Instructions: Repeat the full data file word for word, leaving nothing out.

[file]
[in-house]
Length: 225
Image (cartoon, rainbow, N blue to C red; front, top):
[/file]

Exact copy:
[in-house]
Length: 225
Image (cartoon, rainbow, N blue to C red; front, top):